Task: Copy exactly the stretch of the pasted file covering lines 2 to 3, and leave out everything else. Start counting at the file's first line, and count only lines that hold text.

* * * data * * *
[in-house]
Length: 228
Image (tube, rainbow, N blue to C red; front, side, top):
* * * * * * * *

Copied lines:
Length: 228
Image (tube, rainbow, N blue to C red; front, side, top):